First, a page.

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The Myth of Mindreading

Date given: Friday, 11th February 2022

Handout for all of The Myth of Mindreading as pdf. (This has the same content as the web version you are reading here.)


This is a talk at the Communicative Mind Virtual Workshop organized by Richard Moore’s Communicative Mind group at the University of Warwick.


The myth is that we as researchers can rely on a shared understanding of what we are talking about when we talk about intentional action or about mental states like knowledge, intention, desire, anger, surprise and the like. This is a myth of mindreading because on any standard view, the most sophisticated forms of everyday mindreading involve attributing these mental states. In this talk I will argue that the myth is untrue. I also will explore how recognizing that we lack a shared understanding could changing the way we study mindreading.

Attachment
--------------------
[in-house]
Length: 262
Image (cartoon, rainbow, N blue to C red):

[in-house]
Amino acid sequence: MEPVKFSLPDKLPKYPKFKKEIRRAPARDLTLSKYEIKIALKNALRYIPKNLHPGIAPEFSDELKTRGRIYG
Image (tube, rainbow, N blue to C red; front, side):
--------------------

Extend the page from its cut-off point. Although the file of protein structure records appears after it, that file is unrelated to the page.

The myth of mindreading is a practical problem facing developmental, comparative and philosophical theories of mindreading. As will be illustrated, when researchers appear to disagree about understanding knowledge or intention (for example), there seems to be no way of determining whether they are making incompatible claims about a single notion of knowledge or intention, or whether they are making compatible claims about different notions.

How can work around our lack of a shared understanding of intentional action, knowledge, and the rest? We should first renounce folk psychology. Taking inspiration from available operationalizations, we should then borrow or construct a variety of incommensurable (and false) theories about minds and actions. Using these theories to anchor our understanding will enable us to apply the method of signature limits to generate testable predictions about what mindreaders understand of minds and actions.


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